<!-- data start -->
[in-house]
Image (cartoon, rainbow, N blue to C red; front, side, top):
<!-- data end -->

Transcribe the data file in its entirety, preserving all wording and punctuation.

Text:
[in-house]
Image (cartoon, rainbow, N blue to C red; front, side, top):